University of Otago education researcher Associate Prof
Claire Fletcher-Flinn and young reader Emilie Keach (5)
share a story book. Photo by Peter McIntosh.
It is ''time for a rethink'' about how children learn to
read, University of Otago education researcher Associate Prof
Claire Fletcher-Flinn believes.
And the findings of her research, just published in the
journal, Frontiers in Psychology, could lead to a new
way of thinking about how to do that.
In her research, Prof Fletcher-Flinn considered the idea that
children were geared towards learning to read through storing
words in the brain.
Her previous research with other colleagues showed that
children started out learning to read in this way, but it had
been unclear if this changed as they became proficient
readers, she said.
Reading theories that advocated phonics - ''sounding out''
individual letters in words - claimed that children made
significant changes over time in how they read new or
unfamiliar words, but this had not been significantly tested,
She had examined the further development of a young reader,
named Maxine, whose early development from the age of 3 to 5
has been extensively described in a series of publications.
Prof Fletcher-Flinn found that along with an increase in
accuracy and speed, Maxine's pattern of learning new or
unfamiliar words was unchanged from a reading age of 8 to
adult levels of performance.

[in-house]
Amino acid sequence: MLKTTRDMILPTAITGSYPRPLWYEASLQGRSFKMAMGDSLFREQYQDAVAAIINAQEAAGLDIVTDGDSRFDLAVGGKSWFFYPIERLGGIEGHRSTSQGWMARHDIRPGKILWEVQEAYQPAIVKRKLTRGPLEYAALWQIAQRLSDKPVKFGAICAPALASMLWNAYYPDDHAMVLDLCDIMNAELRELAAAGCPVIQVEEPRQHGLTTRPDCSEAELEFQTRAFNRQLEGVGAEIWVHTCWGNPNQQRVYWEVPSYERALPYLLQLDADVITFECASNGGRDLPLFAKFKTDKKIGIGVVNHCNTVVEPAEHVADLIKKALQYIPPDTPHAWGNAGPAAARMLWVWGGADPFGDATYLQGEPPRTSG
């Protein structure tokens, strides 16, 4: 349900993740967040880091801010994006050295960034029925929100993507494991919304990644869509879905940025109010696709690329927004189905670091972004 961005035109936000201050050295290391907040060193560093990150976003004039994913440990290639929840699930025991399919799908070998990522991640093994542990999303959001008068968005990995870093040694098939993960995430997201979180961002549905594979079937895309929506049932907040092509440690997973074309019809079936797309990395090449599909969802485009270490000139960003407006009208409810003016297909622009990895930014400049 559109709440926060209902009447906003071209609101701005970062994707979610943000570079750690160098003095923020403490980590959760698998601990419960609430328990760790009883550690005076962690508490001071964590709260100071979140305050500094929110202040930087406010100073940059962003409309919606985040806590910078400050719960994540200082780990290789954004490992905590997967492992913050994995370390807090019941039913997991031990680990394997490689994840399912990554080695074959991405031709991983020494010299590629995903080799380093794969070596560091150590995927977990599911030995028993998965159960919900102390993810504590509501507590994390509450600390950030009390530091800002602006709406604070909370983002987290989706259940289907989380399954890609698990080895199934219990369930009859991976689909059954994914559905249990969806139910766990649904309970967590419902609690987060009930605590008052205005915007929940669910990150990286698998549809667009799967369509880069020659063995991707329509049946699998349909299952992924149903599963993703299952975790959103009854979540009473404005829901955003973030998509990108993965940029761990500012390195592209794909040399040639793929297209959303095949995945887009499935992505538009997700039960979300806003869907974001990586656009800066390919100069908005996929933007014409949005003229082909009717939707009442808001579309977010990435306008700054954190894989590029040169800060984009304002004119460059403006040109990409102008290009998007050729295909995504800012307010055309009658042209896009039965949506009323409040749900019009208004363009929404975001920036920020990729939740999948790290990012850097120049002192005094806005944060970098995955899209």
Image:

Maxine had not learnt how to ''sound out'' words, so she did
not use this method of reading.
The research suggested that once some words were stored in
the child's brain, the brain's own sense of pattern-finding
within words contributed to later reading-related learning.
The results are consistent with her previous research showing
that children who were progressing normally did not need to
have the full set of phonics skills associated with
''sounding out'' in order to learn to read.
It now appeared that ''sounding out'' was not necessary, and
if this approach was taught, it could even be a disadvantage
and contribute to the mispronunciation errors that
phonics-taught children, and adults, made when reading new or
unfamiliar words that did not follow letter-sound
correspondences as they were usually taught, she said.
Lots of reading and helpful feedback from Maxine's parents
about a word's pronunciation and meaning had contributed to
Maxine's progress in becoming an advanced reader, she said.
Kelly Keach, who has a postgraduate diploma in teaching from
Otago University, said she was interested in the Otago
research, and said that she and her husband, Chris, had read
to their daughter, Emilie, throughout her life.
Emilie, who started school this week, is already a keen